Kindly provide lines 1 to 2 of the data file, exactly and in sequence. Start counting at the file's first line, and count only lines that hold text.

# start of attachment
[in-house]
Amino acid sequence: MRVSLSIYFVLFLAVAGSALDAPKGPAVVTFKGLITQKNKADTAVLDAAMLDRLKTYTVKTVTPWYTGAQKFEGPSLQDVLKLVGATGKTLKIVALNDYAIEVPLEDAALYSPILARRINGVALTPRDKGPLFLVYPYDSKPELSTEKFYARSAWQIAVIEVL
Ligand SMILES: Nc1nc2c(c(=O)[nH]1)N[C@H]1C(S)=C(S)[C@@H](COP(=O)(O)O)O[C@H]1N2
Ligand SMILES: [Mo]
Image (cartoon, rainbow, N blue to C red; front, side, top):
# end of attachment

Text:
[in-house]
Amino acid sequence: MRVSLSIYFVLFLAVAGSALDAPKGPAVVTFKGLITQKNKADTAVLDAAMLDRLKTYTVKTVTPWYTGAQKFEGPSLQDVLKLVGATGKTLKIVALNDYAIEVPLEDAALYSPILARRINGVALTPRDKGPLFLVYPYDSKPELSTEKFYARSAWQIAVIEVL